“People will protect what they love, and they love what they know,” says robotics engineer Eduardo Labarca, paraphrasing Jacques Cousteau. That’s why he and his team at Mountain View, California-based 9th Sense Robotics want to start up an online marine exploration project known as AcquatiCo. If it reaches fruition, it will allow computer users anywhere in the world to control an actual ocean-based submarine, while watching a real-time feed from its onboard video camera.
The submersibles used for the project would be small, unmanned ROVs (remote operated vehicles) based on a prototype already built and regularly used by 9th Sense. Each sub would measure one meter (3.3 feet) long by 12 cm (4.7 inches) across, and would incorporate a 1080p camera, lighting, a geopostioning sensor, and a depth sensor.
They would potentially be able to dive up to 400 feet (122 meters) deep, and would be connected by a 900-foot (274-meter) fiber optic/power cable to a buoy floating at the surface. That buoy would contain a battery pack, along with solar panels for keeping that battery charged. It would also house a military-grade communications system, linking the ROV to the internet via a shore-based relay point.
Third-party ROVs could also be added to the system.
AcquatiCo users would simply log on and schedule a piloting session for the sub of their choice. When that time came, they would be presented with an interface displaying a live feed from the ROV. Using touchscreen or desktop controls, they would then take control of the submersible, using it to explore its marine environment at will. They could take snapshots along the way, plus they could invite friends to join them online, take guided tours, and record their “missions” for later playback.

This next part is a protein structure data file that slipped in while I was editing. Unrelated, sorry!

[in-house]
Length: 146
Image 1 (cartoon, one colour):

There would be a small degree of lag between the making of commands and the sub’s responses, although the team at 9th Sense are working on keeping that delay to an absolute minimum.
Labarca plans on starting the service with just one ROV, which might be located off Robinson Crusoe Island (in the South Pacific), Aruba or in Monterey Bay. He is currently raising funds to get things rolling, on Kickstarter. Although smaller pledges can be made, a donation of US$275 will allow you to be one of the first AquatiCo pilots. A pledge of $6,500, on the other hand, will get you your own ROV.
Eduardo hopes to have the system ready for public use by the second quarter of next year – more information is available in his pitch video, below. In the meantime, if you’re just itching to control a real-life submarine over the internet, you can always pay a visit to Dive Commander.
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